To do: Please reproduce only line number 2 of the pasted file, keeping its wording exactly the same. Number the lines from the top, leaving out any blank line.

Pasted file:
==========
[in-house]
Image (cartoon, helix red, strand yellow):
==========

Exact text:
Image (cartoon, helix red, strand yellow):